Had Steve Jobs had family and friends like mine to convince him that he was nuts, he may still be here today. I am grateful to have survived and am saddened by seeing a like minded individual, especially one with such an extraordinary mind, perish. The two members of my group hit hard as well. One gentleman, who had cancer of the esophagus (the most closely related cancer to my own) died not from the cancer itself, but from a blood clot in his brain. The shock of his death knocked me down for awhile. Here was a big healthy man, with a great attitude and love of life just...gone. I had missed a few group sessions and found out when I returned. The group had had time to process it and I remember just sitting there in shock all night. It made no sense. I found myself getting angry on the way home. This is not how it is supposed to happen. He was supposed to be a success, like the rest of the group. We are survivors and winners. We are the heroes of the cancer community. We don't die! But as I found out that night, we do. Just a few weeks later I found myself attending the funeral of another one of my group. I woke up just this morning with the mariachi band playing it's mournful tune that was played when they brought her casket into the sanctuary. The entire service was in Spanish, but as I discovered, grief knows no language. It was clear in the tears and the shock of loss on the faces of the mourners in attendance. After the funeral, I practically ran from the church to my truck. I ended up at Target shopping for nothing. I just wanted to be around people not dealing with death. I didn't want to be dealing with death, but here I am. This isn't the first time. The eighties, were an entire decade of loss for me. Starting with my first partner Tim, and ravaging my community. I still remember living in shock, wondering why I was still here. I made stupid decisions like not paying taxes because I believed that I was next. I had attended over fifty funerals before I decided not to attend another one. It would take the loss of my Grandfather ten years later to get me to attend another one.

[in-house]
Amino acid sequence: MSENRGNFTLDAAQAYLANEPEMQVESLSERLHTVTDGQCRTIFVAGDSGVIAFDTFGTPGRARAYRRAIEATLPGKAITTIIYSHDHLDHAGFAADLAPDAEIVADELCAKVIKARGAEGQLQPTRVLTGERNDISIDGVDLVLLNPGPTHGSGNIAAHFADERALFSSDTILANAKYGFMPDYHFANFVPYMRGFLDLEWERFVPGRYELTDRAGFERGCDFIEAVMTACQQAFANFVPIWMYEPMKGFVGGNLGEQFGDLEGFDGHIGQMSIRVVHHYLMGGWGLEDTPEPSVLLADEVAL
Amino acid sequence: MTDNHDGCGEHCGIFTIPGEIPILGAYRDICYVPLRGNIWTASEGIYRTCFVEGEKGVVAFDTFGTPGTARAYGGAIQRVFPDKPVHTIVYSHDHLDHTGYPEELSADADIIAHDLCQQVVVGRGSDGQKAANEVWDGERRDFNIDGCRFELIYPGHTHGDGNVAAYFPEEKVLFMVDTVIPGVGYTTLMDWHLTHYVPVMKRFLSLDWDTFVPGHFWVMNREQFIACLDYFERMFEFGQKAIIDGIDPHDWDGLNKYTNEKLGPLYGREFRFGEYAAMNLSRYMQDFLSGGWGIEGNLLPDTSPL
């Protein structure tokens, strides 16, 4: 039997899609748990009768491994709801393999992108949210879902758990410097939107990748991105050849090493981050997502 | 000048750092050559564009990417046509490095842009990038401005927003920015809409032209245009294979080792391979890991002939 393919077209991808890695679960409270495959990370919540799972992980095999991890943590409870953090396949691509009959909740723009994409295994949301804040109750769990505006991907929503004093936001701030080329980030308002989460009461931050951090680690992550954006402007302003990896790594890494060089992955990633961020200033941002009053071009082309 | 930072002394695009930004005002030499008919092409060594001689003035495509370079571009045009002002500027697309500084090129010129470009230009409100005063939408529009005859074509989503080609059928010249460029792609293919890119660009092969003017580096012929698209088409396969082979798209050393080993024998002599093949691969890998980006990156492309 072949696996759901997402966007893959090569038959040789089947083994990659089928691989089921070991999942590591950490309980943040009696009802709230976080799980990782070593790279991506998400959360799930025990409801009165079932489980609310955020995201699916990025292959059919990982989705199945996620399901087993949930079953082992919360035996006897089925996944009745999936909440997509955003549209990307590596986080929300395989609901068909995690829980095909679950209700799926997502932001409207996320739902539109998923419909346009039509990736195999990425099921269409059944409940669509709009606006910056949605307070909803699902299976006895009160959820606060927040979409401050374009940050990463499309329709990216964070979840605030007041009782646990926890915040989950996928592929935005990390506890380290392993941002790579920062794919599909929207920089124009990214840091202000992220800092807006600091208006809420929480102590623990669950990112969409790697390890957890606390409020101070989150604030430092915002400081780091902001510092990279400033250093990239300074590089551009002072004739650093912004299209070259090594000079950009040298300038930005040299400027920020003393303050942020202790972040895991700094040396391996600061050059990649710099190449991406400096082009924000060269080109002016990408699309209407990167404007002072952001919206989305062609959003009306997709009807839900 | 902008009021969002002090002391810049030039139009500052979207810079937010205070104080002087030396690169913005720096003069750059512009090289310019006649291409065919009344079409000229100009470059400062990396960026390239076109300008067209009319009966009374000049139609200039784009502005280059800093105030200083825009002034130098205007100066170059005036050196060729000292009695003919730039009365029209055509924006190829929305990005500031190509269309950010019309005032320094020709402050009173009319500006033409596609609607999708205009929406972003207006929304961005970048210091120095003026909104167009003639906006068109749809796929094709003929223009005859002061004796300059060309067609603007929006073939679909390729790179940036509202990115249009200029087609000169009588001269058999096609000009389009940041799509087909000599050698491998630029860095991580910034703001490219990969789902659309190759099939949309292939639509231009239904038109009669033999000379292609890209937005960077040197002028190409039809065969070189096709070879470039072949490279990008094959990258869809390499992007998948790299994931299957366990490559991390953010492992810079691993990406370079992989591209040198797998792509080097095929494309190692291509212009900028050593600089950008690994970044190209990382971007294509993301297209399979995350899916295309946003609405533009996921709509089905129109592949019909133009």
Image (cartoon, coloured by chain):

That decade also served to deepen my faith in God. If I was supposed to be here it must have a purpose. God must have some plan in store for me. I am supposed to do something with my life. This was the knowing that allowed me to survive cancer. It made no sense that I would survive the loss of practically every friend and associate that I had only to die of a tumor in my tongue some twenty years later. I believe that to this second. And while I can't really see what the plan is, I know there is one. I believe that my life has purpose.
All I can say about it now is wait and see.

Tuesday, October 18, 2011

What Fear Can Do